Includes; lotus flowers, leaves and petals, peony, carnation, rose, blossom, holly, ferns, castor and ivy leaves.
(Flowers part of a collection recovered from various beaches over the past 3 years).
Hong Kong Soup:1826 湯Spilt
Representing 150 tonnes of nurdles, (pre-production pellets) spilt from a cargo container during Typhoon Vicente on 23rd July 2012, adds to Hong Kong’s waste issues in the sea and on its beaches. The image mirrors the night sky on the day of the spillage depicting a collection from 6 of the worst affected beaches; Po Toi, Beaufort Island, (3 August 2012), Sam Pak Wan, Discovery Bay (10 August 2012), Tung O Wan, Lamma Island (15 October 2012) Cheung Sha Wan, Lantau Island (18 October 2012) Lo Chau, Beaufort Island, (1 November 2012) and South Soko Island beach (8 November 2012).
Hong Kong Soup:1826 湯Polystyrene
Representing 52 tonnes of polystyrene foam dining ware that goes into landfill each day. Foam pieces litter every beach in Hong Kong.
Includes; polystyrene dining ware, packaging, balls, toys and fishing related debris.
(Polystyrene collected from 5 different beaches over 1 week, 2013).
Statistics - The Environmental Protection Department, Hong Kong. Waste Statistics for 2012.
Hong Kong Soup:1826 湯Wildlife
Plastic ice lolly wrappers and syringes collected from one visit to three different beaches on Hong Kong Island, Lantau Island, and the New Territories.
Includes; seahorse, dolphin, elephant, crocodile, pig, cat, bear and fruits, with Chinese New Year animals; snake, rabbit and pig.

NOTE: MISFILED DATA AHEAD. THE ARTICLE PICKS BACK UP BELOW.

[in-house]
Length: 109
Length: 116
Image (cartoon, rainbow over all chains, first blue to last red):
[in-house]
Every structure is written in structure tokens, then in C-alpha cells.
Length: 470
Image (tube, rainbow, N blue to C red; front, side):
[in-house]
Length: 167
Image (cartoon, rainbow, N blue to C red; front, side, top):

(Recovered from Waterfall Bay, Hong Kong Island 2013, Tong Fuk Beach, Lantau Island 2013, and Lung Kwu Tan, New Territories 2014).
Hong Kong Soup:1826 湯Poon Choi
10 objects of municipal waste collected from 10 different beaches relate to the Hong Kong’s traditional village New Year dish, Poon Choi, comprising of 10 layered ingredients that go into this one-pot meal.
Includes; child’s sandal, retail mannequin hand, race duck, ribbon, spectacle frame, toy dinosaur, fishing float, shipping tag, pocket game and toy boat.
(Collected from 10 different beaches in Hong Kong, November 2013).
Hong Kong Soup:1826 湯Transform
Recovered toy transformers reflect inadequate disposal of children’s toys, with the message to TRANSFORM the habits and behaviour of the public in Hong Kong, the emphasis being to take action.
Includes; ACTION figures.
(Transformers part of a collection recovered from various beaches over past 3 years).
Hong Kong Soup:1826 湯Soko
Waste collected from the Soko Islands represents the contour of the beaches and shape of the islands from where the waste was collected.
Includes; medical, agricultural, and fishing related waste, whilst highlighting the dragon and fan, symbolic items within Chinese culture.
(Part of a collection recovered from the Soko Islands over the past year).
Hong Kong Soup:1826 湯Packet
Waste packaging from single use food and drink items, household products, with medical and hazardous waste.
Includes; bottle tops and bottles, plastic gift wrap from Shenzhen miniature village, condoms, and an IV antibiotic bag. Take-away food packaging lies next to a bottle of bleach and a confectionery phone packet implies communication in the need for change.
(Collected from Tsing Lung Tau & Port Shelter Beach, 2012 and 2013).
Hong Kong Soup:1826 湯Lighter
Discarded cigarette lighters make reference to our single use Throw Away society. The Panda motif, a national emblem of China, faces away from the group representing endangered species with mother nature turning its back on man’s inability to take ownership of its waste, and serving as a metaphor for our future and ultimately our own mortality.
(Lighters part of a collection recovered from various beaches in Hong Kong over past 3 years).